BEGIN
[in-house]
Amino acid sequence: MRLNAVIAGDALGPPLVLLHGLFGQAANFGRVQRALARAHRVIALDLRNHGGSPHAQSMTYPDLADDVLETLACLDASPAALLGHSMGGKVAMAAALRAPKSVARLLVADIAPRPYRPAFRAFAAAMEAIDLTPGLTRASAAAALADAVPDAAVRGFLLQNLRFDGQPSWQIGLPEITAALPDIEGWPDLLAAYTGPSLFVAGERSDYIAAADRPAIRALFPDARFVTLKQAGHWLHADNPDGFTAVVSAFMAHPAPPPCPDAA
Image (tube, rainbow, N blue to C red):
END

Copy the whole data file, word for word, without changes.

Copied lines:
[in-house]
Amino acid sequence: MRLNAVIAGDALGPPLVLLHGLFGQAANFGRVQRALARAHRVIALDLRNHGGSPHAQSMTYPDLADDVLETLACLDASPAALLGHSMGGKVAMAAALRAPKSVARLLVADIAPRPYRPAFRAFAAAMEAIDLTPGLTRASAAAALADAVPDAAVRGFLLQNLRFDGQPSWQIGLPEITAALPDIEGWPDLLAAYTGPSLFVAGERSDYIAAADRPAIRALFPDARFVTLKQAGHWLHADNPDGFTAVVSAFMAHPAPPPCPDAA
Image (tube, rainbow, N blue to C red):